From a very early age on I was fascinated by fairy tales and stories. Storytelling is essential in a consultative sales environment. It helps you connect with your prospects and it is a great way to add value rather than pushing a feature.
In a consultative B2B environment we are often faced with a situation where we are selling the invisible. Often, there is no physical product we can showcase when we are prospecting on the phone and we are challenged to connect with a prospect in a short period of time. It is therefore imperative to build am emotional connection and that can only happen when we tell a story.
Telling stories and sharing best practices gives us an opportunity to communicate a business objective in a personal way where people can relate.
Remember 1001 nights?
When I was a kid I loved the idea of people gathering in a tent or square and listening to stories. It’s fairy tales and stories that shape our thinking, they trigger our imagination and fuel our creativity. As adults it’s not that different, we are always drawn to stories where we feel that something speaks to us directly.
When I started out in sales, I had come from a public relations/marketing background with no credentials in sales so I decided to do what I liked best – listening to stories. I researched case studies and told my prospects about the success that other companies had when using our service. It worked!
Because people like to listen to stories, they can relate to them. Product features are boring to people unless they can use them to their advantage. Nobody wants to listen to you bragging about your company, your service, how good you are, etc.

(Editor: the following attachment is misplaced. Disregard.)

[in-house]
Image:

What people are interested in is what your service can do for them and how it will help their business.
If you don’t have something to show, share a story
Even, if you have something to show you should tell a story, but it’s especially important in a B2B environment where you often don’t have a product to show and you need to rely on anecdotes to get people interested, especially when you first engage with a prospect. The key question is “What do the clients do with the service you provide?”
What better way to explain than sharing success stories.
Why is it easier to sell a story than a product or service?
Rather than selling a service, focus on the value it brings to the client and the human experience. Instead of selling a service that is “better”, offer a solution that helps increase efficiencies. Once we are able to tap into somebody’s emotion, it’s a lot easier to connect. Never forget that it is human beings you are targeting. Although you are trying to sell them something, you are also an advisor, a consultant in the true sense, a resource to help them make the right decision.
When telling stories, it is important that you own them and make them yours. Be personal, just like a dinner conversation. First, listen to your prospects, then choose a case study/story that you think will resonate with their needs and I can assure you that your prospects will listen. Because, everybody likes stories…